Emmanuelle Moureaux is a French architect and designer based in Tokyo. Winner of the '15th CS Design Award - Special Jury Prize' in 2008, she uses colours as objects to divide space. Moureaux exhibited her piece, '100 Colors' at the Shinjuki Creators Festa 2013 and the title indicates the number of hues she used when she hung 840 sheets of paper from the ceiling.
1. We particularly love your project 100 colours, please give us an insight into the inspiration, how you produced it, and how much paper you used…
When I first arrived in Tokyo, I was fully fascinated by the colors overflowing on the street. In that very moment, my mind decided to move to Japan. The overwhelming number of store signs, flying electrical cables, and flashes of blue sky framed by various volumes of buildings, created three dimensional “layers” in the city.
The flood of various colors pervaded the street built up a complex depth and intensity in the space. These indelible experiences of colors and layers in Tokyo were the inspiration and essence of my design concept of “shikiri”, which means dividing (creating) space with colors.
Valuing the emotion inspired from Tokyo, in the 10th anniversary year of my studio, I wanted to show the beauty of colors to the fullest extent. I also wish to share the feeling of being surrounded by overflowing colors by exhibiting 100 colors, here in the middle of Tokyo.
I selected 100 colors from the Japanese paper manufacturer, Takeo and used 840 papers sheets hung from the ceiling creating a volume of color floating in the air. Underneath the colored papers, bean bags are placed to encourage visitors to take a seat and experience another view.
On the rear wall, 100 colors of round circles are lined up for visitors to participate. The visitors are questioned, “Which is your favorite color today?”, and asked to place a small round sticker around their favorite color. Throughout the exhibition, the rear wall will transform into another piece of artwork, showing trend of colors chosen by the visitors.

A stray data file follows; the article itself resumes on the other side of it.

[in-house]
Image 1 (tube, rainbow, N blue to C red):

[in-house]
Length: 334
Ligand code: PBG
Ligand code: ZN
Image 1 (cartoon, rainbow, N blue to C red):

2. Where did you grow up and how has it influenced you?
I discovered Japan through books. I love reading and read a lot of Japanese literature when I was studying architecture in France. Fascinated by the culture, I decided to learn more about Japanese cities, especially Tokyo, and Japanese culture. As a research theme for my architectural diploma, I chose the theme “a multifunction building in Tokyo”. For this opportunity, I visited Tokyo for the first time, in 1995. I stayed only one week but this trip was a turning point for me. I was very impressed by 2 points: The city brimming with colors, and the layers of the city.
To my eyes that grew up in a town made of stone, Tokyo’s colors appeared beautifully like a painting. I decided to live here. I went back to France, got the French architectural license, and 2 months after, in 1996, moved to Japan.
"Color" is the concept of all my works. With colors, I design new concepts, new atmospheres which will give emotions to people. I use colors in order to give emotions. I use colors as three-dimensional elements, like layers, in order to create spaces, not as a finishing touch applied to surfaces. These two elements (colors and layers), inspired by Tokyo, are the basis of my design.
Tokyo inspired and inspires me a lot. Tokyo is very colorful, contrary to the grey monotonous European cities, built in stones. The buildings themselves are not colored, but a lot of non-architectural elements like vending machines or signboards give colors to Japanese cities. Although, the recent buildings or interiors are monotonous: white, black or grey are very fashionable colors in Japan.
I want my designs to inspire people to feel emotion as I felt when I saw the beautiful colors of Tokyo.
3. What are you working on at the moment?
I work now on a lot of projects at different scales, architecture, interior design, installation, product, art direction too.
4. Everyone is shopping paper this week at Cass Art - what would be your top 5 picks of our paper products on our website and why?
I love notebooks and collect them so I selected from the Fabriano Bouquet pads because I like this set of 7 colors as a rainbow. I use Moleskine notebooks and I love this white series. White is the most important color for me in order to design with colors.
This is the launch exhibition of the ‘100 colors’ series, which Emmanuelle plans to expand in different cities around the world. You can find out more about Emmanuelle Moureaux's upcoming projects through her website.